Truckers are angry over the rise in costs from 3.36 reais a liter in January to 3.6 reais before the strike. On May 26, it hit 3.8
A truckers' strike paralyzing fuel and food deliveries across Brazil entered an eighth day Monday but with hopes of relief after unpopular President Michel Temer caved in to the strikers' key demand.
Road blockages by truckers remained in place across 21 of the country's 27 states, G1 news site reported.
Although there has been some improvement since the army was ordered to intervene Friday, with armed soldiers escorting fuel trucks on priority routes, enormous lines continued to form at gas stations.
Many supermarkets still struggled to source fresh food and there were eight airports reporting Monday that they were out of aviation fuel. Hospitals in Rio de Janeiro had to cancel non-urgent surgeries and a key commuter system in the city, the BRT, operated at only 22% capacity.
But after agreeing Sunday to slash diesel prices, the government says the crippling standoff will now wind down.
"The expectation is that the demonstrations will end and the truckers will return to work today," said Temer minister Carlos Marun on CBN radio. "There are still some blockades but the protest strike has been resolved."
According to Marun, those still resisting represent "an anarchic, radical movement which we believe will not succeed."
Truckers are angry over the rise in costs from 3.36 reais a liter in January to 3.6 reais before the strike. On May 26, it hit 3.8.
After urgent negotiations with representatives of the truckers, Temer agreed to cut the diesel price by 0.46 reais a liter for 60 days.
That concession hammered the value in state-controlled oil major Petrobras, one of Brazil's most dominant companies. Shares dropped eight percent Monday and 14% last Thursday.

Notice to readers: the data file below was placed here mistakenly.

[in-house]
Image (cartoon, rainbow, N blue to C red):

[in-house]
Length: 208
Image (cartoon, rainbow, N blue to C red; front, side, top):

The crisis has exposed the surprising fragility of Latin America's biggest economy and put Temer's lame duck administration on the defensive ahead of October general elections.
Temer took power in controversial circumstances in 2016, following the impeachment and removal from office of his leftist predecessor Dilma Rousseff for breaking budget rules.
Temer's market-friendly centre-right government then launched into sweeping austerity reforms that have been widely praised by investors as a bid to return Brazil to fiscal health, but proved hugely unpopular with ordinary Brazilians.
Approval ratings for Temer and his government are in the single digits, despite officials' claims that the reforms have helped bring Brazil slowly out of a deep recession.
The current row over fuel is part of that wider conflict, with costs rising significantly since Temer's politically sensitive decision in late 2016 to allow Petrobras autonomy over its pricing. The rise in world oil prices in recent weeks has also been a factor.
Brazil is a member of the G20 group of the world's largest emerging and advanced economies. The first five days of the strike were estimated to have cost $2.8 billion, according to the daily Folha de Sao Paulo.